‘The True Cost’ of Fast Fashion

This post became very different from what I originally intended.

I’ve just watched a sobering and heartbreaking documentary about the costs of “fast fashion”, most severely felt in outsourced sweatshops (in this case, Bangladesh). The costs of the uncompromising and uncritical search for profit are most devastating in these types of places, clearly visible in the recurring catastrophes with enormous death tolls that result from unsafe working conditions while producing merchandise for fast fashion brands. It is not just that accidents tend to happen in factories with careless safety standards and that everything else is fine. The problems associated with outsourcing for maximised profits are really structural: pollution, toxic waste, severe consequences on health (in one village where pesticides are used 60 kids were born with severe mental and physical disabilities), psychological problems (like when mothers need to leave their children to work in poor conditions), only to name a few.

In the rich world, we have become accustomed to always search for the best bargain for our wallets. This has become even simpler with online shopping. A Google search for “white shirt” gives over 500 shopping options, and with more options available it’s easier to choose the cheapest one. While this may seemingly benefit our wallets (of course we are still buying something), our consumer choices have far wider implications as we may be supporting business models that lack ethical or environmental responsibility and accountability. This is directly harmful to many less fortunate people. When we consume we seldom think about the process the garment went through in order to get to the shelf. What do you actually think about when you read “Made in X” on a clothing tag?

It is actually unbelievable how disconnected we are from the people who make our clothes. In America, 97% of clothes are now made overseas? 97%!!! There are roughly 40 million garment workers in the world today, many of whom don’t share the same rights or safe working environments as in the rich world. Essentially, people are exploited so that the rich world can satisfy its materialistic needs. A series of studies published in the Motivation and Emotional Journal found that materialistic needs in fact have negative effects on us as well. The more we focus on material values and status the less happy and the more depressed and anxious we tend to be. One could actually be forgiven to not think differently: every day, everywhere we go, we are confronted by advertisements screaming to us in every direction that consumption equals happiness or success.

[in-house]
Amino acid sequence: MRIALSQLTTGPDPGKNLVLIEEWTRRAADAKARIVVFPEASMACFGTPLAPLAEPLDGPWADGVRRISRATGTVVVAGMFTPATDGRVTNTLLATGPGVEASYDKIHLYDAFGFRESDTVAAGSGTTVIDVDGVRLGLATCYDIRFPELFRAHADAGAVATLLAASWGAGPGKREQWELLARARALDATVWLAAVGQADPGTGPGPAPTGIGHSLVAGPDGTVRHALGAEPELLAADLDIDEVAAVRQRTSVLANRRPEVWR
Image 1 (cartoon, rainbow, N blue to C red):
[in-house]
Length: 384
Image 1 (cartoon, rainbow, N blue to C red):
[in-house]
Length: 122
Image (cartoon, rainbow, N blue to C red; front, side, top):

There is of course nothing wrong per se with advertisement or making business abroad. The problem arises when this is done without any serious commitment to ethical considerations.

In this case advertising is, to put it bluntly, just another word for business propaganda. It works especially well when successful advertisers tie their campaigns to messages that suggest that your needs will be satisfied once you consume the advertised product. Think about all the hair commercials that you have ever seen. The protagonist starts out upset because their hair is dry, however, once they use the advertised shampoo their hair magically becomes super shiny and silky smooth. They are then happier, more loved, and appreciated by the people around them. Oh, if only shampoo could do this for me and solve all my life’s problems!

Have you ever thought about the fact that most necessities in life, the things that we actually NEED – like buying a home, health insurance, student fees, and sometimes even food – is expensive, while buying lots of clothes for the sake of WANT are often relatively cheap? Is this just a form of consolation for us, to make us feel that we are “rich” just because we can afford more things, even if at cheap prices?